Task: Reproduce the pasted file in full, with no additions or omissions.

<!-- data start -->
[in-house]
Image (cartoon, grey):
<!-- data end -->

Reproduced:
[in-house]
Image (cartoon, grey):